They saw I had a third sheep with me, one I was just transporting back to its flock.
¨We would take the third one. How much do you want for it?¨
I hesitated, she was the most bad ass little sheep I had.
Dwarfed from birth and too small to ever breed. Her fate had been decided by nature.
Knowing this did not make it any easier in the moment.
¨Same as the others.¨
¨But she is much smaller.¨
I had no response… not one that I would let leave my lips at least.
Her life is just as valuable to me.
I hate USDA regulations. I was willing to do anything to avoid the slaughterhouse.
They consulted each other. ¨we will take all three.¨
We pulled them one by one from the crate, brought them down to the ground and they hog tied them. As they lay on the ground, I could feel how aware they were of what was to come. This is what harvesting an animal looks like when you avoid the ¨cruel and unusual practices¨ of the efficient slaughterhouse system.
As they hog tied each one, I rested my hand on their necks.
Thank you my friend.
I lay awake for weeks wondering if what I had done was truly any better.
It was pouring rain. My partner and I had worked all day in the biggest storm of the year to retrieve these animals. I had known them since they were born.
I had watched over them, fought for their life at times… protected them.
Yet, here I was, in an effort to defy our system, trading their lives for dollar bills.
These were nice people, seemingly as desperate as myself for culture to be returned to the sacred art of harvesting other animals for meat. So desperate that they were willing to take on the heavy task themselves. Yet it was clear to me, that they knew nothing of my sheep. They may as well be buying them cut and packed off a grocery store shelf.
______________________________________________________________________ 10 months later
¨Can I go with you? If I am going to keep talking shit on slaughterhouses, I oughta at least know what I have such a problem with.¨
I rode in his passenger seat to the slaughterhouse. An animal in the trailer being gracefully pulled behind us. We arrived and backed up to a chute. The two men peeked in, ¨You weren´t supposed to be here til tomorrow.”
My friends eyes widened. Shit.
Our worst nightmare as producers is that we fuck up and our animals endure two bad days.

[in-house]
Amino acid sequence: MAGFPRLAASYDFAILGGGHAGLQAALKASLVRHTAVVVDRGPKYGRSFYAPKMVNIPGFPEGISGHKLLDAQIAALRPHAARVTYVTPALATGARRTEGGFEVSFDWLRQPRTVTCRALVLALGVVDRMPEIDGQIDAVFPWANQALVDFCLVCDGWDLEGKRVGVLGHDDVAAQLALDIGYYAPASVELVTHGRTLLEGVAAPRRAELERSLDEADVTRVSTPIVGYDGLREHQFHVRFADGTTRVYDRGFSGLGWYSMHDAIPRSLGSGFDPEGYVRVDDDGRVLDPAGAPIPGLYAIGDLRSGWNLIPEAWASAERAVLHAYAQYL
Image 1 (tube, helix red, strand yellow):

We all have that one bad day. We are not ignorant to this.
But we are also not ignorant to the fact that as producers of meat, we are responsible for making that one bad day as swift and calm as possible.
Many humans in this world are not given as much consideration.
¨Well, lets get him unloaded then.¨
The trailer door swung open, granting the cow access to the chute.
¨Come on now bud.” The men were in no rush, the pace was decided by the four legged here.
He stepped out of the trailer and walked calmly through the chute and down the alley way into a holding pen with other animals.
I was reminded of my own animals. The ones I had not given so much respect as to let them walk into their harvesting day.
There was no cattle prods, no hollering, in fact, there was not even a drop of aggressive energy to be felt in the place.
I agree, don´t get me wrong, that what we eat deserves respect.
My partner does not enjoy his salad each night because he is ignorant to the habitat he is removing when he cuts lettuce, or the soil organisms he is disturbing when he sows his radish seed. He enjoys it knowing it is a gift from mother earth, a sacrifice she makes for us. We are in debt to her for it.
I remember at a young age, shortly after finding out where meat comes from, asking myself who I was eating. Feeling [even as a child] as though meat tasted different, better, when the animal came from a life filled with joy and playfulness. This is why I chose to be a shepherd, to be sure that was the case.
I could not eat the 30 to 40 sheep we harvest each year. Nor would I want to, sharing those joy filled ribs and thighs is a pleasure for the shepherd who works hard to protect her sheep from fear, stress and the predators who would happily harvest them early.
Harvesting of animals is an intense and emotional job. I know this to be true and I have endured the weight far fewer times in my life than the individuals that do it for all of us. I have respect for them and their desire to be swift and skilled in what they do. I have appreciation that my animals are respected, enough that they walk into their fate with their heads held high, getting to experience what every prey animal does at some point in their life.
I understand that USDA regulations can hinder cultural tradition. To anyone standing up for a change to that, please know that I am with you.
But USDA regulation also requires that if you want to harvest an animal yourself, you must live with it. You must know it and be responsible for it, understand it, know the difference between its sickness and its health. While this is not the harvesting tradition of my own buffalo hunting ancestors, it is one that I have come to feel deserves as much respect.
The people who work slaughterhouses for us have spent a lifetime honing these skills so they could save me from the heaviest obligation a producer could choose to bear.
Slaughterhouses are efficient, it is true, but they are also filled with people who believe in what they do. Maybe we should too.
There is so many different approaches to slaughter. We are not limited to the two experiences I chose to share about. There is worse, better and everything in between. I hope you find what feels right to you. Let us be thoughtful and whole minded in our approach to a changed world.